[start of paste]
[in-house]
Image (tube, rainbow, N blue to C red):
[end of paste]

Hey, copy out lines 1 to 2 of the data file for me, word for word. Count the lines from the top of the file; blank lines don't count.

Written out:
[in-house]
Image (tube, rainbow, N blue to C red):